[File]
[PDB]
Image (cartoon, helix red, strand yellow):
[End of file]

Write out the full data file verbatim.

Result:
[PDB]
Image (cartoon, helix red, strand yellow):